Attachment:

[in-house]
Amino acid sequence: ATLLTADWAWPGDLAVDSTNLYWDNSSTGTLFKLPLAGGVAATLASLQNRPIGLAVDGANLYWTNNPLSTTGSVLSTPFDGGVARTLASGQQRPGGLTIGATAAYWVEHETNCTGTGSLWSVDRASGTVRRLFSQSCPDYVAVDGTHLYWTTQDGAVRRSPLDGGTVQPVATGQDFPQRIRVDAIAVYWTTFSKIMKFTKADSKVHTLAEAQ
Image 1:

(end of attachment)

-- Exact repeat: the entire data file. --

[in-house]
Amino acid sequence: ATLLTADWAWPGDLAVDSTNLYWDNSSTGTLFKLPLAGGVAATLASLQNRPIGLAVDGANLYWTNNPLSTTGSVLSTPFDGGVARTLASGQQRPGGLTIGATAAYWVEHETNCTGTGSLWSVDRASGTVRRLFSQSCPDYVAVDGTHLYWTTQDGAVRRSPLDGGTVQPVATGQDFPQRIRVDAIAVYWTTFSKIMKFTKADSKVHTLAEAQ
Image 1: